Sunday, September 25, 2022

Queen Elizabeth II death news: Charles to be formally declared King at Accession Council ceremony

King Charles greets well-wishers outside Buckingham Palace

King Charles III will be formally proclaimed monarch during an Accession Council ceremony today.

The new monarch will not attend the ceremony at the State Apartments of St James’s Palace, and will only join after he is proclaimed monarch, at 10am, to hold his first Privy Council meeting.

The historic event comes after Charles gave a landmark address to the nation yesterday and paid tribute to his “darling Mama” the Queen, who died on Thursday afternoon at Balmoral.

“We owe her the most heartfelt debt any family can owe to their mother; for her love, affection, guidance, understanding and example,” he said.

The King pledged his whole life as service as the new sovereign just as the Queen did, saying: “That promise of lifelong service I renew to you all today.”

And he used his speech to announce he had created his son William the Prince of Wales, with Kate the Princess of Wales, and expressed his “love for Harry and Meghan as they continue to build their lives overseas”, a symbol of his bid for reconciliation amid past troubles with the Sussexes.

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What will happen today?

Today marks D-Day + 1 in Operation London Bridge- a meticulous plan that lays out exactly what will happen when the Queen dies.

At 10am today, King Charles III will be proclaimed at the Accession Council in the state apartments at St James’s Palace in London.

The event, attended by private counsellors, is divided into two parts. In the first part, the Privy Council will proclaim the King and formally approve various consequential orders, including the arrangements for the Proclamation, without the King present.

The second part is held by the King of His Majesty’s first Privy Council.

The King will make his declaration and read and sign an oath to uphold the security of the Church in Scotland and approve orders in the council which facilitate continuity of the Government.

The King will be accompanied by the Queen Consort and the Prince of Wales as they are both privy counsellors.

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(PAWire)

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Queen’s funeral will be ‘biggest policing and protective operation the UK has ever mounted’

President Joe Biden and dozens of other world leaders will attend the Queen’s funeral as preparations are made for what could be the “biggest policing and protective operation the UK has ever mounted.”

Monarchs and heads of state from countries around the globe are expected to gather in Westminster Abbey for a solemn gathering on a scale seldom witnessed in recent decades.

Mr Biden said on Friday he will be present, although the date has yet to be confirmed.

Thousands of police will be on duty every day in the capital as crowds gather at Buckingham Palace and nearby Green Park to pay their respects, and the force has urged people to “remain vigilant”.

Our home affairs editor Lizzie Dearden reports:

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Grief turns to joy as mourners meet new monarch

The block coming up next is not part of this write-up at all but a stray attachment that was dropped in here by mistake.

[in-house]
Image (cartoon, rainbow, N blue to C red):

Mourners were left “flabbergasted” as King Charles III left his official car to greet well-wishers outside Buckingham Palace.

The new monarch arrived in London from Balmoral following the death of his mother, Queen Elizabeth II. He later met with the prime minister and made his first address as King.

James Walmsley, from Liverpool, saw King Charles as he greeted the crowd at Buckingham Palace. “If you said 24 hours ago ‘you’re going to see the king’ you’d never believe it but now we’re here,” the trainee teacher told The Independent.

“Seeing him made us all feel a lot more positive,” the 23-year-old added. “My biggest concern was is the King going to be someone you don’t see very often – just due to age?

“It’s been a shame not seeing the Queen as much in the last 10 years as in years before, so it was nice seeing him get out of the car and walk around a bit, being active – it’s a nice sign.”

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Video captures emotional moment when pilot tells BA flight of Queen’s death

A British Airways crew and passengers onboard a New York to London flight were left fighting back tears as its pilot announced the death of the Queen.

The announcement was made over loudspeaker by the pilot as the plane approached London’s Heathrow airport, just over an hour after news emerged that the Queen had died at Balmoral on Thursday.

The emotional moment onboard BA Flight 178 was captured on video by passenger Michael Capiraso, who was flying from the US to the UK to drop his daughter off at the University of Edinburgh.

“Elizabeth, the Queen, passed away earlier today with the family by her side, we have little more information than that at the moment,” the pilot can be heard announcing on the video.

My colleague Graeme Massie reports:

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What will happen today at D+1?

Today marks D-Day +1, or D+1, in the plans for the aftermath of the Queen’s death, codenamed London Bridge. Here is the timeline of events that are expected to take place.